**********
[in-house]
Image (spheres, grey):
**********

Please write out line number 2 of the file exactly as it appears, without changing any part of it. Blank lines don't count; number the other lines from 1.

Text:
Image (spheres, grey):